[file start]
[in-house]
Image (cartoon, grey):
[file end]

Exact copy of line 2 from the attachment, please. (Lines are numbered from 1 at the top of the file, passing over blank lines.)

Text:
Image (cartoon, grey):